The floor is a concrete slab and the couple of dusty windows light the shed in a buttery yellow haze. I can’t see the color and design as well as if we were outside, so I run my hand along the edge of the board where it straddles two sawhorses. It’s a short board with a slightly upturned nose. The epoxy resin is smooth as glass, not a drop of wax on it. It’s probably never even been floated before.

“You haven’t used it yet,” I remark. Usually Chris takes them out his first day, or he arranges to test drive them before buying.

“This weekend. Taking a trip to Sebastian before school starts. You coming?”

I have nothing planned other than working with my lawn crew, which I can probably get covered for the weekend, but it’s hard enough keeping my junk in check when we’re alone. I don’t want the pressure of being around his ultrahetero friends or watching him make out with his squad of surfer girls.

“I don’t know, Boss. School starts on Monday.”

“Whaaat?” he whines and I shrug like What can I do about it? “Come on, T. I really want you to come with me. We haven’t hung out all summer.”

“I know, but….” I drift off, not knowing how to finish that thought without telling him the real reason—it’s too damn hard to be constantly tempted with something you can’t have.

“I’ll give you Lady Macbeth.” Chris grins slyly, sweetening the pot. Lady Macbeth is my favorite of his collection, a long board made by a local guy named Casper. We named her that because we’re convinced she’s suicidal. On good days that board can sail. On bad ones she drops me on my ass. I can relate to her temperament.

“I always get Lady Macbeth.”

“To have.” He crosses his arms over his broad chest, accentuating the swell of his biceps and the meat of his pecs.

Chris is always giving me stuff. Before I got too tall, he used to give me his old clothes. My bike used to be his, too, and a couple of my skateboards. He’s too generous, especially to me.

“That board’s worth, like, $500. Not including sentimental value.”

“It’s practically yours anyway. I never ride it.”

“So you’re telling me you want me to store it in my garage,” I say to mess with him. I don’t want him to think I’m using him for his stuff, part of why I started working this summer. To give back.

“No,” he says, getting a little flustered. It doesn’t happen often, but I do enjoy seeing Mr. Calm, Cool, and Collected squirm. “You can still store it here. You probably should. Don’t want to make the others jealous.”

“Ha,” I say as my eyes land on the ridgeline of his collarbone and the gold chain that rests there with a shark’s tooth attached. I found it way back when on the beach and gave it to him—biggest tooth we’d ever seen. Chris had it made into a necklace. The tooth belongs to a great white, he always tells people when they ask, the same shark that chomps on surfers up and down the coast. Not us, though. By wearing its tooth, it shows the sharks we’re one of them. Like most surfers, Chris is a bit superstitious.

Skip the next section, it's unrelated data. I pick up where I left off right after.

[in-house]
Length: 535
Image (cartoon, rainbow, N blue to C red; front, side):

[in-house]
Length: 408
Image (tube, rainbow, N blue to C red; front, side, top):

I turn away so he won’t see my face and pretend to inspect Lady Macbeth. “She’s pretty dinged up, though.”

“You little shit.” He shoves me lightly. “You’re the one who dinged her.”

I smile. He’s so protective of his boards. “If I take her off your hands, she might not answer to you anymore.”

“She never did. I’d have sold her if it weren’t for you.” He lays his hand on the board’s edge and gives her an affectionate little squeeze. His ruddy golden hand with his sun-bleached nails, next to mine, so close they’re practically touching. Chris is always just an inch too far away.

“So, you’ll come to Sebastian with me?”

Is it my imagination, or is there some unspoken plea in his voice? I don’t know how I’m going to survive the weekend with him, much less my entire sophomore year. Lots of cold showers. But like most things with Chris, I don’t have the willpower to say no.

“Yeah, I’ll come. But I get shotgun.” I always get shotgun unless there’s a girl in the car, Hopefully he’s not bringing a girl with us.

“Damn, Theo, I go away for a summer and you’ve turned into a shark.”

I shake my head and nudge him lightly with my shoulder, my bare skin brushing against his. I glance over, and even though I can’t see them in this light, I know that’s where he collects his freckles, on the tops of his shoulders. I’ve spent way too much time memorizing them, but it’s partly his fault for never wearing a damn shirt.

“You know you always get what you want in the end,” I tell him. As if there was ever a question.

He smiles with an arrogance that only adds to his appeal. “Don’t make me work too hard.”

That deep, gravelly voice gets me every time. Feels like my heart is being rubbed over a cheese grater. I remind myself to breathe, then make up an excuse about something I need to do at home and walk back out of the shed with his fumes still in my nostrils and his voice humming in my head.

Our summer apart hasn’t changed a thing. If anything, it’s only gotten worse. I’m still hopelessly infatuated with my best friend.

My straight best friend.


About the Author

Laura Lascarso wants you to stay up way past your bedtime reading her stories. She aims to inspire more questions than answers in her fiction and believes in the power of storytelling to heal and transform a society. When not writing, Laura can be found screaming “finish” on the soccer fields, rewatching Veronica Mars, and trying to convince politicians that climate change is real. She lives in North Florida with her darling husband and two kids. She loves hearing from readers, and she’d be delighted to hear from you.

Facebook: www.facebook.com/lascarso

Twitter: @lauralascarso